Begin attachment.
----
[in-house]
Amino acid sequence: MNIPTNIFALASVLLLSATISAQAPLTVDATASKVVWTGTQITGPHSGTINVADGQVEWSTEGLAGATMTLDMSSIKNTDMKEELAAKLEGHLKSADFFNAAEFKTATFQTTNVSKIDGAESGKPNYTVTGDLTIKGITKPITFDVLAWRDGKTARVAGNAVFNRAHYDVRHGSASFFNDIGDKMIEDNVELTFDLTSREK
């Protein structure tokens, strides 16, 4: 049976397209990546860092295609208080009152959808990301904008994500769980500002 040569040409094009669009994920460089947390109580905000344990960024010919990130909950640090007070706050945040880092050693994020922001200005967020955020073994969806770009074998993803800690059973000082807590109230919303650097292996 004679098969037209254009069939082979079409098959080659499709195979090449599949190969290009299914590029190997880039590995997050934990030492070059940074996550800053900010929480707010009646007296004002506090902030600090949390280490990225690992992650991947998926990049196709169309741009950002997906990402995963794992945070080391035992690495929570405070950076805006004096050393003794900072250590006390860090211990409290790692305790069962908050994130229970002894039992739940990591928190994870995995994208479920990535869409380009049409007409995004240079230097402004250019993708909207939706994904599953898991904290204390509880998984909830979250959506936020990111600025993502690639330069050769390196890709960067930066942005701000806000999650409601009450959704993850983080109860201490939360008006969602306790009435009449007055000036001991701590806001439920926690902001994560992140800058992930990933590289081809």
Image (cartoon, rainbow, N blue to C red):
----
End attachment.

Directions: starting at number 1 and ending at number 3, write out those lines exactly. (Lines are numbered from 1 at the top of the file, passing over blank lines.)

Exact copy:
[in-house]
Amino acid sequence: MNIPTNIFALASVLLLSATISAQAPLTVDATASKVVWTGTQITGPHSGTINVADGQVEWSTEGLAGATMTLDMSSIKNTDMKEELAAKLEGHLKSADFFNAAEFKTATFQTTNVSKIDGAESGKPNYTVTGDLTIKGITKPITFDVLAWRDGKTARVAGNAVFNRAHYDVRHGSASFFNDIGDKMIEDNVELTFDLTSREK
């Protein structure tokens, strides 16, 4: 049976397209990546860092295609208080009152959808990301904008994500769980500002 040569040409094009669009994920460089947390109580905000344990960024010919990130909950640090007070706050945040880092050693994020922001200005967020955020073994969806770009074998993803800690059973000082807590109230919303650097292996 004679098969037209254009069939082979079409098959080659499709195979090449599949190969290009299914590029190997880039590995997050934990030492070059940074996550800053900010929480707010009646007296004002506090902030600090949390280490990225690992992650991947998926990049196709169309741009950002997906990402995963794992945070080391035992690495929570405070950076805006004096050393003794900072250590006390860090211990409290790692305790069962908050994130229970002894039992739940990591928190994870995995994208479920990535869409380009049409007409995004240079230097402004250019993708909207939706994904599953898991904290204390509880998984909830979250959506936020990111600025993502690639330069050769390196890709960067930066942005701000806000999650409601009450959704993850983080109860201490939360008006969602306790009435009449007055000036001991701590806001439920926690902001994560992140800058992930990933590289081809």